Over the last couple decades, we’ve seen most industries move toward more logical, data-driven business intelligence models. Construction is one of the last remnants still leaning on the precipice—without fully committing—to true business intelligence. Surely, data is being collected. Closeout makes certain of that. In most cases, however, that data is not being reported and systematized to make more informed decisions moving forward. At the moment, there’s a massive black hole in widespread construction data-informed decision making. But that’s about to change.
It doesn’t take much to notice that the trend of business intelligence is on the up and up, and has been for some time. Google, Apple, Netflix, Facebook, Spotify... really any of the other relevant tech brands that get its own animated building in the opening credits of
dedicate entire departments solely to user data collection. The data a company can mine from a single user is more valuable than the total intrinsic value of that user. How can this be exactly? From a pure logic standpoint, businesses that make data-informed decisions are more successful. Through data collection and interpretation, companies can optimize current operational efforts while giving more value to their users. Happy users means more users, and more users means more success.
Look at it this way—data collection informs the future, and the future can be more prosperous for brand and user alike when the brand amasses enough business intelligence. Remember that Sandra Bullock movie
last Christmas? It was sort of like
, but switched the monster gimmick from sound to sight? Odds are if you didn’t watch it, you at least heard about it from everyone you know and went out of your way to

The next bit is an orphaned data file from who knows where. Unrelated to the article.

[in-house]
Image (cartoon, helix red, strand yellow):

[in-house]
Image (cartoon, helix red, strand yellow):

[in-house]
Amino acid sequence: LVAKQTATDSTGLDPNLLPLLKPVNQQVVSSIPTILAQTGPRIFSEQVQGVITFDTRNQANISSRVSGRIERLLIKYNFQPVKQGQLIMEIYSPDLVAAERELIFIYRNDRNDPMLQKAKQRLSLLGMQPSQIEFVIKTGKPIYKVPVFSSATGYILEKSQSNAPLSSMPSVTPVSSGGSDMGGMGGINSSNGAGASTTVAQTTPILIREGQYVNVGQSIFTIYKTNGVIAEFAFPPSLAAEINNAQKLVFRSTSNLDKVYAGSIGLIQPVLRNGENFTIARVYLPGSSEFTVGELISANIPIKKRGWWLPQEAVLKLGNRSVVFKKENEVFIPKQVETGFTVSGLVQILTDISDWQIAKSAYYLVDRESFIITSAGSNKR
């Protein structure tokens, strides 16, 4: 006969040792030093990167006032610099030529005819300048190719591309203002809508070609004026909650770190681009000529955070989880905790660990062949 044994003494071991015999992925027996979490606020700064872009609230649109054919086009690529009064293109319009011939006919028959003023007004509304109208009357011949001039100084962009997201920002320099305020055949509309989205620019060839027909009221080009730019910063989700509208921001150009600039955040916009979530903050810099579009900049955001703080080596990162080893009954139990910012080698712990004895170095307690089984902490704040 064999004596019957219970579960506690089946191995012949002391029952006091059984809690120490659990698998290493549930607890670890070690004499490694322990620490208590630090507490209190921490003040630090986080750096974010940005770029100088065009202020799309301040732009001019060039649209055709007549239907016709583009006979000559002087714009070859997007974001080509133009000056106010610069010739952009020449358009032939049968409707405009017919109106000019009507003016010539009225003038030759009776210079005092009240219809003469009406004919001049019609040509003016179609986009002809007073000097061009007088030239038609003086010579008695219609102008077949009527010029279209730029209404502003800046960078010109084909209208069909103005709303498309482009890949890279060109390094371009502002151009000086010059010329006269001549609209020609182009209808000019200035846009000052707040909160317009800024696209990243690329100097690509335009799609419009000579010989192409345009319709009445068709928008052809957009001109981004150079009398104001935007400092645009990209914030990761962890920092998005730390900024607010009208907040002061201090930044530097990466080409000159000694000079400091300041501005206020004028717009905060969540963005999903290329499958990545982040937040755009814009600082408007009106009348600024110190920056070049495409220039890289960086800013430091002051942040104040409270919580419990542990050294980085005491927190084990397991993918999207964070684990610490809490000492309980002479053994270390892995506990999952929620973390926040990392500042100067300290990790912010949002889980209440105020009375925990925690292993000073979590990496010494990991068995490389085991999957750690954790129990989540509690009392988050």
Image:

that 45 million people watched
over Christmas break. Make no mistake, the film’s success wasn’t a fluke—it was a calculated production based on data it collected from its users.
Through business intelligence and data analytics
, Netflix knew fully well that their audience craved nothing more than Sandra Bullock, blindfolds, and scary music right after a visit from Saint Nick and just before heading into 2019.
And it’s not just Netflix. Facebook shows you ads that so closely cater to your hopes and dreams (and Amazon wishlists) that
refutations from spokesmen of the app literally listening to you
are as dependable as the rising sun. Similarly, Spotify looks at your listening data, digests it through an algorithm, and
spits out a weekly playlist for you
based on your niche music tastes. No matter the industry, if a company makes decisions steeped less on emotion or what theoretically “makes sense” and more on crunching and interpreting hard data, there is a greater guarantee of success. In construction, the most successful general contractors have already been internally investing in analytics teams for years. More data means more business intelligence, which equals more success.
Data-informed decision making through Warranty Management
Through the data collection of Buildr’s warranty management, the idea is that data can be captured from post-construction and fed back into your decision-making processes. Data can inform which subcontractors you use in the future, which equipment is most dependable, how long it will take and how much money it will cost for certain types of issues to get resolved. There’s been a revolution of data collecting in the last 10 years due to the progression of modern computers but there is still room to improve in the way that the data is mashed together. What good is collecting data if you’re not looking at each individual slice vs. every slice together? What good is collecting data if every new slice isn’t fed back and married into your ever-evolving business intelligence system?
Here’s the thing—you obviously care about data. It helps every process in your day-to-day life run smoother. Post-construction, in a nutshell, is the collection of historical data relevant to the preservation of the project. Buildr wants to fill the vacuum in the construction industry to make that data worth collecting.